Table of Contents Author Guidelines Submit a Manuscript
Malaria Research and Treatment
Volume 2014 (2014), Article ID 765657, 6 pages
Research Article

Clinical Profile of Plasmodium vivax Malaria in Children and Study of Severity Parameters in relation to Mortality: A Tertiary Care Centre Perspective in Mumbai, India

Department of Pediatrics, T. N. Medical College, BYL Nair Hospital, Mumbai, India

Received 5 July 2014; Revised 14 September 2014; Accepted 20 September 2014; Published 2 November 2014

Academic Editor: Polrat Wilairatana

Copyright © 2014 Manju Kumari and Radha Ghildiyal. This is an open access article distributed under the Creative Commons Attribution License, which permits unrestricted use, distribution, and reproduction in any medium, provided the original work is properly cited.


Background. While research on P. vivax is scarce because it is considered benign, it has become evident with implementation of molecular diagnosis that it can also cause multiple organ dysfunction and severe life-threatening disease. Objective. To study clinical presentations and complications of P. vivax malaria and mortality correlation to severity parameters as defined by WHO criteria for severe malaria. Materials and methods. This study was conducted in a tertiary care centre in Mumbai. Confirmed P. vivax cases were enrolled and studied for their clinical profile, and WHO severity parameters were tested for their frequency and association to mortality. Result. The most common presentation was fever followed by pallor. 26% of the cases satisfied one or more criteria of WHO severity parameters. 2 cases died; both had pulmonary edema and bleeding. The major predictor of mortality among these predefined severity criteria was pulmonary edema/ARDS. Patients with severe anemia, circulatory collapse, and repeated generalized convulsion had 100% survival rate. Leukopenia was present in 10% of the cases. Both cases with mortality had leukopenia. Conclusion. P. vivax monoinfection tends to have severe complications in children. There is a need to review severity criteria for P. vivax malaria.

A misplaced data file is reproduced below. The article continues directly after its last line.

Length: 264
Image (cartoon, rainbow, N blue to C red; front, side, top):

1. Introduction

Four countries account for more than 80% of estimated cases of P. vivax cases (Ethiopia, India, Indonesia, and Pakistan). India alone contributes 80% of southeast Asia malaria burden. The risk of severe P. vivax disease in residents of endemic areas has been observed to rise with increasing transmission intensity, although the contribution of less access to care and more comorbidity in these settings is not well quantified. As a result of the slower rate of decrease in the incidence of P. vivax, many malaria control programs that are moving towards elimination need to give greater attention to the control of P. vivax, particularly in countries outside sub-Saharan Africa. Indeed, P. vivax predominates in countries in the preelimination and elimination phases [1].

P. vivax malaria has long been considered to have a benign course with multiple relapses. The typical complications seen in P. falciparum malaria are not usually found in P. vivax monoinfections. However, during the past few years, the trend in the clinical manifestations of P. vivax malaria has been changing [2]. Several isolated studies from India have reported severe complicated cases of P. vivax malaria [3].